Commentary: Dalbavancin is the first drug designated as a qualified infectious disease product (QIDP) to receive FDA approval. It received a QIDP designation because it is an antibacterial drug intended to treat serious or life-threatening infections. The FDA also gave dalbavancin an expedited review, and Durata will receive an extra five years of exclusive marketing rights for the drug.
Durata has yet to set a price for Dalvance, but it is likely to charge a substantial premium over its chief competitor, generic vancomycin, which is the treatment of choice for ABSSSI. Convincing hospitals to put a premium-priced drug on their formularies in a fixed-payment environment could be a challenge. Clinical trials showed dalbavancin to be as effective as, but not better than, vancomycin for ABSSSI treatment.
However, dalbavancin has advantages that might appeal to hospitals. Described as a long-acting antibiotic, dalbavancin has the potential to reduce the length of stay for hospitalized patients with ABSSSI and perhaps help them avoid hospitalization altogether. Since vancomycin is administered via IV solution for ABSSSI treatment, it is generally given on an inpatient basis. Cellulitis, for example, which represents more than half of ABSSSI cases, is treated with vancomycin delivered via a peripherally inserted central catheter line in the hospital once or twice daily over 14 days. About 183,000 Medicare patients with cellulitis were admitted to hospitals in 2012—primarily to receive IV vancomycin.
Antihemophilic Factor (Recombinant) (Eloctate)
Manufacturer: Biogen Idec, Cambridge, Massachusetts
Date of Approval: June 6, 2014
Indication: Eloctate is indicated for use in adults and children who have hemophilia A.
Drug Class: Eloctate is an Fc fusion protein and consists of the coagulation factor VIII molecule (historically known as antihemophilic factor) linked to a protein fragment, Fc, that is found in antibodies. This makes the product last longer in the patient’s blood.
Uniqueness of Drug: Eloctate is developed by fusing B-domain deleted factor VIII to the Fc portion of immunoglobulin G subclass 1, or IgG1 (a protein commonly found in the body). This was designed to enable Eloctate to use a naturally occurring pathway to prolong the time therapy remains in the body. Eloctate is the first hemophilia A treatment designed to require less frequent injections when used to prevent or reduce the frequency of bleeding.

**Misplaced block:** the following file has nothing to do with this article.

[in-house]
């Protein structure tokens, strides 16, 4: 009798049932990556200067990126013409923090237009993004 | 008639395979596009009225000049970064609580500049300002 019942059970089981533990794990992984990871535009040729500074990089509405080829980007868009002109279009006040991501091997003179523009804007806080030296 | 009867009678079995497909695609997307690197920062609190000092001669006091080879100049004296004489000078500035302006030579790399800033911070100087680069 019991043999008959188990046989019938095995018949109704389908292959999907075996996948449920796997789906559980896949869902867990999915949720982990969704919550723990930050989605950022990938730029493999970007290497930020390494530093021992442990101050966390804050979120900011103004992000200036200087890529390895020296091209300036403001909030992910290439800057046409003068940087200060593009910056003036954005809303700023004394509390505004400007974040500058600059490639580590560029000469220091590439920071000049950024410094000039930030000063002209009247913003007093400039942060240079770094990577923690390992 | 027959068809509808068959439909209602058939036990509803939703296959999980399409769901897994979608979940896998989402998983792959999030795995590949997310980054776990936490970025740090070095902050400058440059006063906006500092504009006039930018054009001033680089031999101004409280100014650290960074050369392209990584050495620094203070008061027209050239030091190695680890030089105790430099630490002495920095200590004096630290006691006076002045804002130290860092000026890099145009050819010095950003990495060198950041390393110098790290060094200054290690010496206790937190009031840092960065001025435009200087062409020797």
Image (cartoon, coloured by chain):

Warnings and Precautions:
Hypersensitivity reaction. Anaphylaxis and other reactions are possible with Eloctate. Early signs of hypersensitivity reactions that can progress to anaphylaxis may include angioedema, chest tightness, dyspnea, wheezing, urticaria, and pruritus. Immediately discontinue administration and initiate appropriate treatment if hypersensitivity reactions occur.
Neutralizing antibodies. The formation of inhibitors to factor VIII can occur following administration of Eloctate. Monitor all patients for the development of factor VIII inhibitors by appropriate clinical observations and laboratory tests. If the plasma factor VIII level fails to increase as expected or if bleeding is not controlled after Eloctate administration, suspect the presence of an inhibitor (neutralizing antibody).
Monitoring laboratory tests. Monitor plasma factor VIII activity by performing a validated test (such as a one-stage clotting assay) to confirm that adequate factor VIII levels have been achieved and maintained. Monitor for the development of factor VIII inhibitors as well. Perform a Bethesda inhibitor assay if expected factor VIII plasma levels are not attained, or if bleeding is not controlled with the expected dose of Eloctate. Use Bethesda Units to report inhibitor levels.
Dose and Administration: Eloctate is available in 250-IU, 500-IU, 750-IU, 1,000-IU, 1,500-IU, 2,000-IU, and 3,000-IU vials with supplies.
Commentary: Hemophilia A is an inherited, sex-linked, genetic blood-clotting disorder that primarily affects males and is caused by defects in the factor VIII coagulation protein. Hemophilia A affects one in every 5,000 males born in the United States. People with hemophilia A can experience repeated episodes of serious bleeding, mainly into the joints, which can be severely damaged by the bleeding. Eloctate received an orphan drug designation for this use from the FDA, which described it as the first drug for this condition. Currently, hemophilia A is treated with recombinant factor VIII or concentrates derived from blood donations.
Eloctate is approved to help control and prevent bleeding episodes, to manage bleeding during surgical procedures, and to prevent or reduce the frequency of bleeding episodes (prophylaxis). The approval of this product provides an additional therapeutic option for use in the care of patients with hemophilia A.